Worker and a Kolkhoz Woman

One of the most famed statues which can be found in Moscow, and in Russia for that matter, is the Vera Mukhina piece of a worker and a Klkhoz Woman. To anyone who is visiting Moscow this is certainly a place which has to be visited and it is a sculpture which so many hold very dear to their hearts. Let’s take a little bit of a deeper look into the history of this piece, and how it came to be.


The sculpture was originally created to crown the Soviet pavilion of the World’s Fair. The organizers had placed the Soviet and German pavilions facing each other across the main pedestrian boulevard at the Trocadéro on the north bank of the Seine. The piece itself was inspired by Harmodius and Aristogeiton, the Victory of Samothrace and La Marseillaise, which was the sculptural group which came up with the Arc de Triomphe. The idea was to bring a joyous and victorious sculpture which would serve as a beacon of hope to those who saw it.


The sculpture is 78 feet high and it is made from stainless steel, it was unveiled in 1937 for the World’s Fair in Pairs and it is created in an Art Deco style. The sculpture is a perfect example of the socialist realistic style and it showcases a worker holding up a hammer and the Kolkhoz woman who has a sickle in her hand, representing the socialist symbol.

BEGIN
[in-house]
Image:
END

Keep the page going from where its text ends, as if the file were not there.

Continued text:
The sculpture can be found in Moscow, outside the Exhibition of Achievements of the People’s Economy. Back in 2009 the piece was once again unveiled having been through some restoration and the pavilion is now over 34.5 meters in height following that work.

A giant moving reproduction of the statue (with hammer and sickle flying over the arena) has been protagonist of the opening ceremony of the 2014 Winter Olympics in Sochi, Russia, symbolizing the period of great industrialization following the Bolshevik Revolution.

This is very much one of the country’s most iconic pieces of art and it is well worth going to see.